If you weren’t connected to the correct Twitter tubes this weekend, there’s a chance you may not have spent every waking moment playing GeoGuessr. So let’s put that right now.
Anton Wallén’s clever repurposing of Google’s Street View magics dumps you in the middle of somewhere, and you have to try to figure out where that is. You can move around in Street View as you might expect, but obviously you can’t zoom out to see the map you’re in. Once you’ve wandered about, hunted down clues to a location, and feel pretty sure of where you are, you drop a pin somewhere in the world on the map top right, and you score points based on how close you were. And then you keep doing that until you’ve forgotten to go to bed tomorrow night.
What’s so fun about it is the sense of a successful deduction. You may well find yourself in the middle of a forest, or quite frequently in the endless stretches of a desert. But there are clues to be found pretty quickly. Vegetation is one, but road signs are another. Road markings themselves can often give away at least a continent. You may be pretty certain you’re in the United States Mid-West, but then the Chinese characters on what looks like a parking sign tend to point you away from that theory.
Another time you may be in a busy street, and the language is going to be easy to find. But if it’s an unfamiliar language, and despite searching you can’t find any useful roadsigns pointing to nearby towns you may recognise, a neat trick is reading the advertising. The URLs will at least help you out with the specific country, but spotting a town name that appears on many of them can be a big hint. So you’ve figured out you’re in Poland, but now you know you’re in the region of a big town, Konin. Narrowing it down further is going to require more exploration, spotting more subtle details, or – you know – bumping into a sign with the name of the town on it. So, for instance, that image above – turn around and head around a corner and there’s this:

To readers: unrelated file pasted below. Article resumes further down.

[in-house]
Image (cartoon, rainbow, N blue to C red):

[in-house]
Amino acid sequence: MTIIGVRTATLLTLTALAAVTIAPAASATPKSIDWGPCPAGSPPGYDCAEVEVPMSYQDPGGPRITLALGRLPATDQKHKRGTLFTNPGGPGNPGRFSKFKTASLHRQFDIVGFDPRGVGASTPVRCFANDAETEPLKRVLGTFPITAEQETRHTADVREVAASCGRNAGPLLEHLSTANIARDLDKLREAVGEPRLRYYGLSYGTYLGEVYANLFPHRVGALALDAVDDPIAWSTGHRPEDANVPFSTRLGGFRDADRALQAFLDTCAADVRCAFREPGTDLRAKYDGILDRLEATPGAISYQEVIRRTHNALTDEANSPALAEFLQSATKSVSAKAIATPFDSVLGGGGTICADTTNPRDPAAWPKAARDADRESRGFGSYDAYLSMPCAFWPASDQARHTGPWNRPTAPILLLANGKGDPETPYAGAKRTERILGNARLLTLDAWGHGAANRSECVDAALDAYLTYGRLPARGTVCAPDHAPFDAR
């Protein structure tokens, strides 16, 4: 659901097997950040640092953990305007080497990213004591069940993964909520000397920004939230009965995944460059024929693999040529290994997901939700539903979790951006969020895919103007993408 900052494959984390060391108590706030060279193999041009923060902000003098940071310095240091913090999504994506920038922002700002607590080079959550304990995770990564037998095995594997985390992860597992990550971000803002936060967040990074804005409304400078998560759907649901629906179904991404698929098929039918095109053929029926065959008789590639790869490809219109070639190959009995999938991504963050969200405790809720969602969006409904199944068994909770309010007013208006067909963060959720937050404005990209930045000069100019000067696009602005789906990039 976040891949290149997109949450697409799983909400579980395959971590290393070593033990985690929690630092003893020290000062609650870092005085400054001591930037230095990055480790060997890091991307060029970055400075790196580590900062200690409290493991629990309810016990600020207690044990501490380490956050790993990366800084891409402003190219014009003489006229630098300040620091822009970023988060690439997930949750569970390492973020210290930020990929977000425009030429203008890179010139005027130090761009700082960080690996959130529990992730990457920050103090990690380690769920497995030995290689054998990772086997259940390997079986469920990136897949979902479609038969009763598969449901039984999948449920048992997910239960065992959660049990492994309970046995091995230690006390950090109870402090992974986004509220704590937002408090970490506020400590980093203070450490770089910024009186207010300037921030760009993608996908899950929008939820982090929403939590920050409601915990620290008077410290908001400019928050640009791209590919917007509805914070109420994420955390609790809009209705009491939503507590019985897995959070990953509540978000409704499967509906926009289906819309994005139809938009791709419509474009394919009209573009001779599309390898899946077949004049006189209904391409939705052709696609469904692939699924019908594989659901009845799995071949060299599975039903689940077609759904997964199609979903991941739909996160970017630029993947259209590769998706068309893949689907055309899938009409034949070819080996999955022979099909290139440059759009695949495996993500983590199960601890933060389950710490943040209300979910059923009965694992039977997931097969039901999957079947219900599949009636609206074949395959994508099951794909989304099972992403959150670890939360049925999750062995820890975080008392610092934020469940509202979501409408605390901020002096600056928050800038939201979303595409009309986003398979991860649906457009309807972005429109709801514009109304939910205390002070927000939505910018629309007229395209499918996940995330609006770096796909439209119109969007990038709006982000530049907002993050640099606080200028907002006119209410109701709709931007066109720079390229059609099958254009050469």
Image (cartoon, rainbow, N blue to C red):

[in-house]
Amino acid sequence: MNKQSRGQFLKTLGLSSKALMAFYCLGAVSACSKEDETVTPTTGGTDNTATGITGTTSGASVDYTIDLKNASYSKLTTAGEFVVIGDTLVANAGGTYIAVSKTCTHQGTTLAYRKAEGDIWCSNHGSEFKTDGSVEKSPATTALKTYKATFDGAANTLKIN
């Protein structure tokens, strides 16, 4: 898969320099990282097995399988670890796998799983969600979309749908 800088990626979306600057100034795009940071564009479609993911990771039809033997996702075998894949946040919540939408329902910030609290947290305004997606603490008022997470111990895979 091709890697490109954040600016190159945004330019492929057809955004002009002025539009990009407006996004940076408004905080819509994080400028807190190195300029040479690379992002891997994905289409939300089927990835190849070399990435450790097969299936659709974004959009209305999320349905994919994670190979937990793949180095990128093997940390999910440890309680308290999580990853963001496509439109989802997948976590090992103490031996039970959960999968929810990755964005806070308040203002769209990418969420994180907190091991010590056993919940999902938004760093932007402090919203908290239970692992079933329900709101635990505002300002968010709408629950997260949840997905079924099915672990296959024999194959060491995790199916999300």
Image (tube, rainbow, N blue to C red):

Which is a start… My guess is Scandinavian? I think Sweden.
Heading down the road for more clues I had a real moment of cognitive dissonance. Having spent far too much of my time playing Neverwinter recently, seeing a noticeboard by the side of the road seemingly covered in sparkles bemused me. Here:
Does this mean the locals create quests for each other and post them here? I really hope so. Then, bingo:
Indeed Sweden. And a quick scour of the map top right and I find Umeå, and from the distances I can make an educated guess as to where I am. That’s how I play, at least.
Geography has always been an enormous weakpoint for me, so I’m both surprised to learn what I do know, and further humiliated to reveal what I don’t. Discovering I’m in South America generally means embarrassment is ahead. And those desert roads can often lead to a wild guess, sometimes tens of thousands of kilometres out as it turns out that yet again this stretch of Nevada is in the West of Australia.
There are five turns in each round, scoring you points based on how far out your guesses are. And my results tend to be a mix of surprisingly close and woefully far apart:
But it’s a real joy to just stumble upon amazing sights. Highlights for me have been:
It both demonstrates what an extraordinary endeavour Street Maps is, and indeed what a lovely implementation of its ideas this is. As the game says, let’s explore the world!